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Huawei ships 40,000 5G base stations amid Western crackdown

Huawei has already shipped more than 40,000 5G base stations to telecoms operators operators around the world, despite a crackdown on its products in the West.

Speaking in London this morning (20 February) ahead of Mobile World Congress next week, Ryan Ding, the head of the Chinese tech giant’s carrier business, also announced that Huawei has signed more than 30 commercial 5G contracts. 

NS Tech understands that the largest number of Huawei base stations have been installed in South Korea, which has the world’s most advanced 5G infrastructure. But the company has also signed 18 commercial contracts with carriers in Europe and nine in the Middle East.

The announcement comes as the Trump administration draws up plans to ban US mobile operators from deploying Huawei’s 5G equipment and is putting pressure on its Western allies, including the UK, to do the same. 

The US has expressed concern in recent weeks about Chinese laws that would compel companies to assist with China’s intelligence operations. Huawei’s founder has said the company would resist such attempts, but it is not clear if there is a legal mechanism in place for the company to do so. Huawei has repeatedly stressed it operates independently of Beijing.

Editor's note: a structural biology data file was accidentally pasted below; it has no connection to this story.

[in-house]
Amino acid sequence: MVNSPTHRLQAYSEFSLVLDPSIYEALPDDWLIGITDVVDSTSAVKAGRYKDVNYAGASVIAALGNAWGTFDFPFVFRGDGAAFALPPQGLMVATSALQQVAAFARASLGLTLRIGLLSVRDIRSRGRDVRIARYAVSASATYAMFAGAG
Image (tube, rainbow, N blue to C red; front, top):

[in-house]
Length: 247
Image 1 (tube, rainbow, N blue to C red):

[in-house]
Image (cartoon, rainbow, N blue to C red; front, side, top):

The Royal United Services Institute, a London-based think-tank, published a report this morning warning that Huawei products could not be trusted in the UK’s telecoms network. However, the findings appear to be at odds with the conclusion of a review by the National Cyber Security Centre, which believes that the risks can be managed. The Times reported today that a government source had said there were reservations in Whitehall about the NCSC’s conclusion.

The British government now has the unenviable task of weighing up the economic and political ramifications, in addition to security considerations, of restricting Huawei’s presence in the UK market. While it enjoys a close relationship with the US, it is also attempting to establish stronger ties to Beijing.

“[We are] actively [exploring] the possibility of discussing a top-notch free trade agreement between the two sides after Brexit,” a Chinese government spokesperson said last August.

The UK government is expected to publish its official stance on Huawei in the coming weeks.